Should you be a student, a TV Show fan, a small online-shop, a small enterprise or a large corporation, you likely have a web site connected to the world wid web. You probably didn’t developped your website in PHP or in Java by yourself but rather used one of the existing (some being free of charge) framework available like WordPress for you blog, Prestashop for your online shop, Odoo, Drupal, Joomla or even Adobe CQ. While you can use a “cloud” version of these application, you might also have decided to manage it by yourself on your own server or using a hosting service like OVH, HostGator or Ikoula.
If you’ve decided to manage it by yourself, here are a few tips to ensure your server(s) is/are and remain secure:
- Use very strong passwords: At least 14 characters and a combination of uppercase, lowercase, numeric and special characters. Ideally change it a few times a year or at least as soon you believe your password might have been compromised. Don’t use the same password for everything.
- If possible, rename or disable default admin user (like admin or root) into something less common and use personnal accounts (every admin should have its own user and password). When someone leaves the company, immediately remove his/her user account from the server.
- Patch your systems (OS like Linux or Windows server), your middleware (like Apache or IIS), your database (MySQL, Postgress, MSSQL) and your application (like WordPress, Odoo) regularly (every week). Nowadays, most systems inform you when an update is available.
- Ideally, you should have a separeted test environment, being a second (set of) server(s) (that we will call the Acceptance System) replicating exactly the one you use for the publicaccess (we call it the “production system”) on which you can first test if the patches won’t disrupt, corrupt or break anything on your servers (It can happen too).
- Disable any un-used services on your server(s) like telnet (prefer SSH), motd, FTP (use SCP via SSH instead), IMAP, POP3 or SMTP (if you don’t use your server as a mail relay), Samba and other stuff you won’t use. Be sure to still keep a way to access your server. For Linux machines, you can use automated scripts like Bastille to help you harden your server.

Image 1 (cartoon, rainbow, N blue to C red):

- For your database accesses, use a specific system user per application (and per environment) that will have only the access needed on the database of the application it is used for (So, you don’t use the admin user of your database to grant access to your database for your application). If possible, restrict access to the database to the localhost or to the IP of your front-end application.
- If possible, force the encryption of your communication by using TLS (HTTPS instead of HTTP). For that purpose you need a cryptographic certificate (not a self-signed as it won’t be recognized by your customer’s browser). You can get free SSL/TLS certificate that will be recognized by most browser with companies like StartCom. Once your certificate installed, you can check the configuration of your SSL with the free online SSL Labs analysis tool. If you need help to configure your SSL with Apache Servers, you can use Mozilla’s SSL Configuration Generator.
- In order to prevent attacks like Clickjacking or Man-in-the-Middle, you can configure the HTTP(S) headers sent by your server to make it more secure (see OWASP Secure Header project for more details). Practically, you can check the status of your server’s headers on the very useful and user friendly SecurityHeaders.io website from Scott Helme. Based on the result of your servers’ hearders analysis, Scott’s website will provide you with all the necessary information to improve your headers (again, for free).
- Scan your server(s) in order to detect any known vulnerability. This is still possible for free with the services of BitNinja or even from one of the market’s leaders like Qualys. If you use a Windows server, you can download Microsoft baseline Analyzer and run it against your server.